Beware of rattlers during Easter egg hunts - Fox29 WFLX TV, West Palm Beach, Florida-

Beware of rattlers during Easter egg hunts

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Rattlesnakes like to lie in the same places that make good hiding spots for Easter eggs. (Source: Phoenix Herpetological Society) Rattlesnakes like to lie in the same places that make good hiding spots for Easter eggs. (Source: Phoenix Herpetological Society)
SCOTTSDALE, AZ (CBS5) -

Springtime warmth makes a perfect day for Easter egg hunts. It also means a greater presence of rattlesnakes.

The Phoenix Herpetological Society said it has relocated nearly 20 rattlesnakes from area properties in recent days and that five people in the Phoenix metro area have been bitten by rattlers.

With Easter weekend approaching, the PHS recommends to avoid hiding eggs in spots that are likely to be used by rattlesnakes.

The PHS offered the following tips for a safe Easter holiday:

  • Don't hide eggs on the ground where children will have to reach where they can't see. That includes under bushes and rocks, behind flower pots, or under pool toys.
  • Snakes especially like to curl up in shady damp areas, such as under plants with drip systems, during the day, so those areas should be off limits.
  • Instead, hide eggs off the ground, such as in tall flower pots or hanging baskets, and on decks, or outdoor furniture.
  • If you do find a snake, walk away and don't try to move it yourself. An estimated 80 to 90 percent of rattlesnake bites happen when homeowners try to deal with the snake themselves.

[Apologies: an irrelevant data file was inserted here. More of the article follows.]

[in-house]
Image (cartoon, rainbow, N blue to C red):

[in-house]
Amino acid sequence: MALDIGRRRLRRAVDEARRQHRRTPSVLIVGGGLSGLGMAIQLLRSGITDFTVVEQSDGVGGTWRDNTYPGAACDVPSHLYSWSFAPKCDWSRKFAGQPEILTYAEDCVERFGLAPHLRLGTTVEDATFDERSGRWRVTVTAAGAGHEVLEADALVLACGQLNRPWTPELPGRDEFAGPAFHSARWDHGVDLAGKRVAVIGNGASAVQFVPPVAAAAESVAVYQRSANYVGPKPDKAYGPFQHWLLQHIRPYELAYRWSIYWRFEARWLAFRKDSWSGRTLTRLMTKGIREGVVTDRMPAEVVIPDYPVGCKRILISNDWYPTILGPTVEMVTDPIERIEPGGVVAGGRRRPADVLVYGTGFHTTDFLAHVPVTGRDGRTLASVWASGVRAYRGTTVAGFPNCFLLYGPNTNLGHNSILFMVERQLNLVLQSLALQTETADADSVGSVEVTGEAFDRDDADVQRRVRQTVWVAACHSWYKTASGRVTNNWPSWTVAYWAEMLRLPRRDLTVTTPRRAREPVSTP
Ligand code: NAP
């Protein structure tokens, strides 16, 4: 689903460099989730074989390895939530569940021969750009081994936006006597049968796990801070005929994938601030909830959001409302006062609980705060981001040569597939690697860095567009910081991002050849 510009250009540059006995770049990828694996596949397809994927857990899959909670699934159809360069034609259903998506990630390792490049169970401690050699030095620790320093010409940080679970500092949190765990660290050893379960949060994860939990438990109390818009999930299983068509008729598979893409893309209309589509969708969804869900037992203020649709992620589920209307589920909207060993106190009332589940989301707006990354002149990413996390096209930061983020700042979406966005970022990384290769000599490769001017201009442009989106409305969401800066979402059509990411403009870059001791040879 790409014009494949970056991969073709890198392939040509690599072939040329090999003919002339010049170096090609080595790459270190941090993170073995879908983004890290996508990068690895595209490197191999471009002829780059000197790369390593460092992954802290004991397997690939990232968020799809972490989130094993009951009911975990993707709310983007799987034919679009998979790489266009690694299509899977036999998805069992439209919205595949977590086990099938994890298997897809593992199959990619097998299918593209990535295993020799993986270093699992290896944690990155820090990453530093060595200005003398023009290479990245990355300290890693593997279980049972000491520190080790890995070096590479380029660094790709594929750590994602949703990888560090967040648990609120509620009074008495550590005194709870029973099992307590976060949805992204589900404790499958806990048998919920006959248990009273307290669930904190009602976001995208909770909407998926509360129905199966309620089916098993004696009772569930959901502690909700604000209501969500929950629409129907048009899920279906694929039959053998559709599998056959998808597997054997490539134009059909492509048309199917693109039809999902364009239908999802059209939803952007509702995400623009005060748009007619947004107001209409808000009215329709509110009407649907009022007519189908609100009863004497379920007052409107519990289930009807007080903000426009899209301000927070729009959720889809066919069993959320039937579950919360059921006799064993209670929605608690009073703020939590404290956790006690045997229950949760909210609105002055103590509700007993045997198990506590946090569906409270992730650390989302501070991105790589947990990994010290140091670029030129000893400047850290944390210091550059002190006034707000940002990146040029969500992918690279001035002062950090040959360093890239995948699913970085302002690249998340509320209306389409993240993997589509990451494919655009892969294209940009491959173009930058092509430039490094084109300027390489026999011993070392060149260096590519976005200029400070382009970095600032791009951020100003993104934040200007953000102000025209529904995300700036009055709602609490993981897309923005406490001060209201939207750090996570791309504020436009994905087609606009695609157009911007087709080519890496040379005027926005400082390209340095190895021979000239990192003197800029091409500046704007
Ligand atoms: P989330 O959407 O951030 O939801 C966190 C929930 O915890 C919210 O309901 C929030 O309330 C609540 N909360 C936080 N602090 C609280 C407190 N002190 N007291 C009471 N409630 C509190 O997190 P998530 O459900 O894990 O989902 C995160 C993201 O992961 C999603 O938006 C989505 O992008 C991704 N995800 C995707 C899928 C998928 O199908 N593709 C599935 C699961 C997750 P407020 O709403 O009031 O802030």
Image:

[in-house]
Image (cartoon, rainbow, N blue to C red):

What to do if bitten by a rattlesnake:

  • Call 911 and stay calm.
  • Keep the bitten area still. You can immobilize the area with an improvised splint made from a board, magazines, or other stiff material tied to the limb (but don't tie it too tight because you don't want to reduce blood flow). Remove any jewelry or constricting items near the affected area in case of swelling.
  • Elevate the extremity that's bitten.

Do not:

  • Drive yourself to the hospital.
  • Use ice to cool the bite.
  • Cut open the wound and try to suck out the venom.
  • Use a tourniquet. This will cut off blood flow and the limb may be lost.

PHS said there are at least 13 species of rattlesnakes and a few other types of venomous snakes in Arizona.

Copyright 2014 CBS 5 (KPHO Broadcasting Corporation). All rights reserved.

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